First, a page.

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Front Immunol. 2019 Nov 19;10:2685. doi: 10.3389/fimmu.2019.02685. eCollection 2019.

Preclinical Toxicity Evaluation of Clinical Grade Placenta-Derived Decidua Stromal Cells.

Author information

1
Translational Cell Therapy Research (TCR), Department of Clinical Science Intervention and Technology (CLINTEC), Karolinska Institutet and Karolinska University Hospital, Stockholm, Sweden.
2
Department of Clinical Neuroscience, Karolinska Institutet and Karolinska University Hospital, Stockholm, Sweden.
3
Department of Neuroradiology, Karolinska Institutet and Karolinska University Hospital, Stockholm, Sweden.
4
Department of Radiopharmacy, Karolinska Institutet and Karolinska University Hospital, Stockholm, Sweden.
5
Department of Nephrology and Internal Intensive Care Medicine, Charité-Universitätsmedizin Berlin, Corporate Member of Freie-Universität Berlin, Humboldt-Universität zu Berlin, and Berlin Institute of Health (BIH), Berlin, Germany.
6
Berlin Institute of Health (BIH), Berlin, Germany.
7
Department of Transfusion Medicine, Charité-Universitätsmedizin Berlin, Corporate Member of Freie-Universität Berlin, Humboldt-Universität zu Berlin, and Berlin Institute of Health (BIH), Berlin, Germany.
8
BIH Center for Regenerative Therapies (BCRT), Charité-Universitätsmedizin Berlin, Corporate Member of Freie-Universität Berlin, Humboldt-Universität zu Berlin, and Berlin Institute of Health (BIH), Berlin, Germany.
9
Julius Wolff Institute (JWI), Charité-Universitätsmedizin Berlin, Corporate Member of Freie-Universität Berlin, Humboldt-Universität zu Berlin, and Berlin Institute of Health (BIH), Berlin, Germany.
10
Berlin-Brandenburg School for Regenerative Therapies (BSRT), Charité-Universitätsmedizin Berlin, Corporate Member of Freie-Universität Berlin, Humboldt-Universität zu Berlin, and Berlin Institute of Health (BIH), Berlin, Germany.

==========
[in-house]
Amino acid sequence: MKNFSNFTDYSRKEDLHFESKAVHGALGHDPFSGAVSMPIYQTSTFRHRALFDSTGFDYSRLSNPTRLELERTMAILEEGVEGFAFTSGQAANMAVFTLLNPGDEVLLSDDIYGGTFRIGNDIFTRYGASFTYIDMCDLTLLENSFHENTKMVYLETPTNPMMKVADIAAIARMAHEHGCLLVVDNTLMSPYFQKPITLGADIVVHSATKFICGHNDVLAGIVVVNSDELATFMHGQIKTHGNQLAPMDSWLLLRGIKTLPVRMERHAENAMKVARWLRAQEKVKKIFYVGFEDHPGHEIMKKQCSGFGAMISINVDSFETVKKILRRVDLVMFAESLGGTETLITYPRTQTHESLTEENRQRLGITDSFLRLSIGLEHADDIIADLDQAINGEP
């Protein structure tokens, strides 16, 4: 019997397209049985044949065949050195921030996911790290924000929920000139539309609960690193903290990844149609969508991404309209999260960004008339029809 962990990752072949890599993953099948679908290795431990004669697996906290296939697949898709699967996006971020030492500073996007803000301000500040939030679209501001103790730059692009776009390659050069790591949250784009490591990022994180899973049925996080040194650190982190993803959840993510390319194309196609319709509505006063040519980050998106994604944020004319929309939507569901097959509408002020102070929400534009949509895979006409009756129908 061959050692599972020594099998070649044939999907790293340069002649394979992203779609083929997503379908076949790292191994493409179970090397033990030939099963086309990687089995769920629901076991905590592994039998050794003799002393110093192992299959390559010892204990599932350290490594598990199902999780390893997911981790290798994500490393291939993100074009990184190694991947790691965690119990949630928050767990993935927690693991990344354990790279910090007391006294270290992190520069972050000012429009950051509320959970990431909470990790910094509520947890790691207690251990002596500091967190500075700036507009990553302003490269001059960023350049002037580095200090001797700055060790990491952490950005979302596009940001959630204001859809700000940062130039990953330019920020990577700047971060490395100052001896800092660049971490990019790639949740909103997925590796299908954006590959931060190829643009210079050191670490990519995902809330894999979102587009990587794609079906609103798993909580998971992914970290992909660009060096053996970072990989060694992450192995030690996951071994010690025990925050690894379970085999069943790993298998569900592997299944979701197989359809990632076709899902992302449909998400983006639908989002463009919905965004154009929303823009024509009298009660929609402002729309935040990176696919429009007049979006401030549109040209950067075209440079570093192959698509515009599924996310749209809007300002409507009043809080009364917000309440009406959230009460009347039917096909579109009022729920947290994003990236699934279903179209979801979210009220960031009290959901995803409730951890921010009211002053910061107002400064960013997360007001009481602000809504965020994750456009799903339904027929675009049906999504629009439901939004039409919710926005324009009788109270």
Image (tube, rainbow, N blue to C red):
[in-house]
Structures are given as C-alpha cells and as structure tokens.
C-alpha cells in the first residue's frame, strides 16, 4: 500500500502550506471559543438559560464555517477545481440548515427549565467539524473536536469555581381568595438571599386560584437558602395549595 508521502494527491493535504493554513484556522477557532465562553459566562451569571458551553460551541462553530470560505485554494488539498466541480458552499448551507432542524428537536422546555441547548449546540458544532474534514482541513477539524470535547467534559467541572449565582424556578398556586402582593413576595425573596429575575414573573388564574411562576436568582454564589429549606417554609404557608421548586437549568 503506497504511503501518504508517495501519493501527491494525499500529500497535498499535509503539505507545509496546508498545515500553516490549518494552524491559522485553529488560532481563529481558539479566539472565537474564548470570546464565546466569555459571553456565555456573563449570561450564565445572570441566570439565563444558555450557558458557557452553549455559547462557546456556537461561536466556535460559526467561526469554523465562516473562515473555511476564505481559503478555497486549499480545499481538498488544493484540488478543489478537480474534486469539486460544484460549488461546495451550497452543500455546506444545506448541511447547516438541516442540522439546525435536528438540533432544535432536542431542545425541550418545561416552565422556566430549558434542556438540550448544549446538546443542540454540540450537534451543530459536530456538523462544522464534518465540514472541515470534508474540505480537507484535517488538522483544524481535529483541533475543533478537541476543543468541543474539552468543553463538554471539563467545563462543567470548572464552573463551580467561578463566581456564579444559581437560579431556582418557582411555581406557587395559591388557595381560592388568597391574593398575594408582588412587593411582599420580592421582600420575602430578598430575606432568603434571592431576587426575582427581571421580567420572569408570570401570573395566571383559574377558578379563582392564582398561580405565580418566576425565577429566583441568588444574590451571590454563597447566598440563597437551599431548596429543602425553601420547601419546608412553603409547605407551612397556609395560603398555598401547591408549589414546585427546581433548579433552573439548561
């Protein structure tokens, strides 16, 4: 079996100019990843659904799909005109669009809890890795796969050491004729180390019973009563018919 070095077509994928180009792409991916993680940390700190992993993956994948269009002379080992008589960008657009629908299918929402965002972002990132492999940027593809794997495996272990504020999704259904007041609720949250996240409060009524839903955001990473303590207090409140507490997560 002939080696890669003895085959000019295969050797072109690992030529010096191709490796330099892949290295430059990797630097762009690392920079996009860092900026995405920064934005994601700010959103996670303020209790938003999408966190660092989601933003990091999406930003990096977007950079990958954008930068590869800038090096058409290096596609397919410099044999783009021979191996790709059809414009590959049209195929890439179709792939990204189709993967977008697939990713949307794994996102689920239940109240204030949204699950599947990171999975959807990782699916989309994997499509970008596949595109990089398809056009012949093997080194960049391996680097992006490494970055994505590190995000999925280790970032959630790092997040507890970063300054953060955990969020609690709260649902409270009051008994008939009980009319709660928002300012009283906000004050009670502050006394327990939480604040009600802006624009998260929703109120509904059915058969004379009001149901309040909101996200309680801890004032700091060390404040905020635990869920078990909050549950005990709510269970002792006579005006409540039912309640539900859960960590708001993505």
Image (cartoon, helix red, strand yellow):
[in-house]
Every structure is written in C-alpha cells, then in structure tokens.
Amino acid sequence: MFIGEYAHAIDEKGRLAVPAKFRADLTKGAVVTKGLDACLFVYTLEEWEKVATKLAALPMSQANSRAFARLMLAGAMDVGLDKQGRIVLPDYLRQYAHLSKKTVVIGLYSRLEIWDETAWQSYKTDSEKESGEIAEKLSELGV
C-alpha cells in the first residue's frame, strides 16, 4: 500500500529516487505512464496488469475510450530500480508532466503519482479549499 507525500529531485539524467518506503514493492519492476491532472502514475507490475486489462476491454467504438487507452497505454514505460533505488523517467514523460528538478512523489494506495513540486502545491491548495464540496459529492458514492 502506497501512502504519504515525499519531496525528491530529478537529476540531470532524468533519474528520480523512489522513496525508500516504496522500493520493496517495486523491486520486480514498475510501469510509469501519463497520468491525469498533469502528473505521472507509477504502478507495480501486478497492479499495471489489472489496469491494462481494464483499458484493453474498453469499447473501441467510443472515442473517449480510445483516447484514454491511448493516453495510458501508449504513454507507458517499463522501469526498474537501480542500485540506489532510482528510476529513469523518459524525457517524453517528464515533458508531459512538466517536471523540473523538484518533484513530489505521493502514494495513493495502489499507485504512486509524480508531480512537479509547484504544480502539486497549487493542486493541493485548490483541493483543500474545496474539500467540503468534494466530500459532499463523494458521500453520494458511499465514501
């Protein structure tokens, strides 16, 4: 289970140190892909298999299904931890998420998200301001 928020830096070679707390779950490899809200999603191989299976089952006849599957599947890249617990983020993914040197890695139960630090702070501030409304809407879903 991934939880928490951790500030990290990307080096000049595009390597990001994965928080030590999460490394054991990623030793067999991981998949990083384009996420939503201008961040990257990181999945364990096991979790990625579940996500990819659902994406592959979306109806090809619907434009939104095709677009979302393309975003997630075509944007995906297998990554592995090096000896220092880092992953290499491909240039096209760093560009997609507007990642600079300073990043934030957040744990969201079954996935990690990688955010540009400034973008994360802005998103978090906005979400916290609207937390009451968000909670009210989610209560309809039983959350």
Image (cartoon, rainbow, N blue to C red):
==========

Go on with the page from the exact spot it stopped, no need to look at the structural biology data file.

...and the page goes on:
Abstract

Placenta-derived decidua stromal cells (DSCs) are being investigated as an alternative to other sources of mesenchymal stromal cells (MSCs) for cellular therapy. DSCs are more effective in treating acute inflammatory diseases in human and this is our preclinical safety study of human DSCs in Sprague-Dawley rats and Balb/c mice. Human DSCs were cultured and expanded from fetal membranes obtained from placentas following cesarean section. In rats, 0.5 × 106 cells/kg were injected intravenously (n = 4) or intra-aortal (n = 4). In mice, DSCs were given intravenously at doses ranging from 4-40 × 106 cells/kg (total of n = 120 mice). In vivo tracking of human cells in mice was performed by using transduced DSC with luciferin gene, and in rats by using 18F-FDG PET. Clotting parameters were determined in vitro and in vivo. All intra-arterially DSC-treated rats had normal motility and behavior and histological examination was normal for liver, spleen kidneys and thigh muscles. Mice treated with DSCs showed no immediate or long-term side effects. None of the mice died or showed acute toxicity or adverse reactions 3 and 30 days after DSC infusion. Murine blood biochemistry profiles related to liver, kidney, heart, and inflammatory indices was not influenced by DSC infusion and complete blood counts were normal. In vivo tracking of infused DSCs detected a signal in the lungs for up to 4 days post infusion. Compared to bone marrow derived MSCs, the DSCs had better viability, smaller size, but stronger clotting in human blood and plasma. Both MSC- and DSC-induced coagulation and complement activation markers, thrombin-anti-thrombin complex (TAT) and C3a, and in vitro clotting parameters were decreased by heparin supplementation. In conclusion, DSCs are safe with almost no side effects even with doses 40 times higher than are used clinically, particularly when supplemented with low-dose heparin.

KEYWORDS:

cellular therapy; mesenchymal stromal cells; placenta-derived decidua stromal cells; side effects; toxicity

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